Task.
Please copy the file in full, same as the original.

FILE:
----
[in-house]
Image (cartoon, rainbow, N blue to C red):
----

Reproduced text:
[in-house]
Image (cartoon, rainbow, N blue to C red):